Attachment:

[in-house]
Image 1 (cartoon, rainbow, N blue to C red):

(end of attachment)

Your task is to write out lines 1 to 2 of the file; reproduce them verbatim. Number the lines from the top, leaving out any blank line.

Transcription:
[in-house]
Image 1 (cartoon, rainbow, N blue to C red):